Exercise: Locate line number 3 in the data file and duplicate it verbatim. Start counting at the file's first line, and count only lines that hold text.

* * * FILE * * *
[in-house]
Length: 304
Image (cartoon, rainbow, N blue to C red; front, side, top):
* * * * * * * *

Image (cartoon, rainbow, N blue to C red; front, side, top):